Fund Selector Asia

‘Super high yield and super short duration’ is how S.E.A. Asset Management is approaching Asian high yield bond investing, according to Singapore-based CEO Alex Zeeh.
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‘Super high yield and super short duration’ is how S.E.A. Asset Management is approaching Asian high yield bond investing, according to Singapore-based CEO Alex Zeeh.

The firm’s Asian High Yield Bond Fund, available to accredited investors in Singapore, is different from peer funds, Zeeh believes. While a lot of bond funds are short dated at 2-3 years, the S.E.A. fund’s average duration is below two years.

“Other funds are either short duration or high yield. We are both,” he said. “We are also free from a benchmark.

“We buy to hold to maturity. We don’t trade, we want accrued interest.”

The gross yield of the portfolio before fees is 9-10%, Zeeh said. The manager looks for issuance yielding 6-9%, though some investments yield 10%.

The fund was launched in March 2015 and so far has not had any defaults, Zeeh said.

Investments are mainly in corporate bonds, which are hedged to US dollars to avoid currency risk, he said. The average rating is B- but half the bonds in the portfolio are unrated. “Even non-rated companies have to publish financials. You can get a pretty good idea of 12-18 months visibility if you have company financials, but longer than that is speculative.”

High yield vetting

The portfolio holds 40-50 positions, with Singapore the highest geographic exposure (30%). Last year, when Singapore’s Swissco Holdings defaulted on its bond payments, a sell-off in the entire Singapore dollar bond market ensued.

The portfolio manager, Gallen Tay, took it as a buying opportunity, Zeeh said. Other geographic exposure includes Hong Kong and China at 12% each, Indonesia (7%) and India (6%).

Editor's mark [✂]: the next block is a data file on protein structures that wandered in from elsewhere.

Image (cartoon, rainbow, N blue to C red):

The firm does fundamental bottom up research and the manager meets with the companies they invest in. The vetting process involves looking at the financials, shareholdings and assets to determine how likely the company can sell off these assets, he said.

“The company may not have good credit, but can they repay that bond if they must restructure?”

Limiting drawdowns

Risk controls include high diversification. “A Sicav fund allows up to 10% in a single position, but we try to stay below 3%,” Zeeh said.

“[With this diversification] in case there is a default, which we are trying to avoid at all costs, the impact would be small and the fund still can have a positive return for the year.”

In 2016, the fund (launched in March 2015) had a 2-3% maximum drawdown. Zeeh said the RMB devaluation, the China stock market crash and the drop in the Indonesian rupiah together caused a sell-off impacting all Asian bond funds.

He believes diversification has helped limit drawdowns.

“The Asian bond market is 60% China and we have 12% China in the fund. We are extremely underweight.”

The only Chinese property bond the fund holds is Parkson Retail, which is 3% of the portfolio.

“We’re trying to buy less leveraged companies. If something goes wrong in China, all the big global name high yield funds with a 60%  China weighting will likely drop 20% or more. A bond fund shouldn’t give you that much volatility.”

The biggest risk is fraud, particularly in China, where companies may maintain different sets of accounting books for regulators, investors and management, he said.

A pullback in global trade would hurt the portfolio as well. But Zeeh said due to the average duration of 1.4 years, invested companies have assets and cash and resources to repay bonds in that time frame.

“If global trade declines and US trade policies lead to retaliatory trade barriers from other countries, it would take more than 1.5 years to hit the global economy,” he said.